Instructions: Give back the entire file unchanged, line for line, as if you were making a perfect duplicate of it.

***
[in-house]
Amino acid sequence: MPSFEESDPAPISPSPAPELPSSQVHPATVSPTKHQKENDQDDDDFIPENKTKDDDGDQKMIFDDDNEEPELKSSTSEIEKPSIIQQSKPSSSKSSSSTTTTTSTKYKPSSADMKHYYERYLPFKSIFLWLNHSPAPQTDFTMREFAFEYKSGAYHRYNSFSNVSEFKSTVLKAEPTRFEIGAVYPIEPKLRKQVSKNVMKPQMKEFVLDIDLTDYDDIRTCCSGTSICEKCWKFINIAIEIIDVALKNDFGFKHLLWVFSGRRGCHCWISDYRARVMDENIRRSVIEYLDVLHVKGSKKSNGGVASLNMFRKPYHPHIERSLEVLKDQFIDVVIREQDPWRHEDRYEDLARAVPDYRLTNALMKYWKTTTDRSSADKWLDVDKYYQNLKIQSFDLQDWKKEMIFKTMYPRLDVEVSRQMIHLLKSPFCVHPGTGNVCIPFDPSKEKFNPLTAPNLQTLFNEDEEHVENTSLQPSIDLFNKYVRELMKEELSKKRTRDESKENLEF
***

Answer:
[in-house]
Amino acid sequence: MPSFEESDPAPISPSPAPELPSSQVHPATVSPTKHQKENDQDDDDFIPENKTKDDDGDQKMIFDDDNEEPELKSSTSEIEKPSIIQQSKPSSSKSSSSTTTTTSTKYKPSSADMKHYYERYLPFKSIFLWLNHSPAPQTDFTMREFAFEYKSGAYHRYNSFSNVSEFKSTVLKAEPTRFEIGAVYPIEPKLRKQVSKNVMKPQMKEFVLDIDLTDYDDIRTCCSGTSICEKCWKFINIAIEIIDVALKNDFGFKHLLWVFSGRRGCHCWISDYRARVMDENIRRSVIEYLDVLHVKGSKKSNGGVASLNMFRKPYHPHIERSLEVLKDQFIDVVIREQDPWRHEDRYEDLARAVPDYRLTNALMKYWKTTTDRSSADKWLDVDKYYQNLKIQSFDLQDWKKEMIFKTMYPRLDVEVSRQMIHLLKSPFCVHPGTGNVCIPFDPSKEKFNPLTAPNLQTLFNEDEEHVENTSLQPSIDLFNKYVRELMKEELSKKRTRDESKENLEF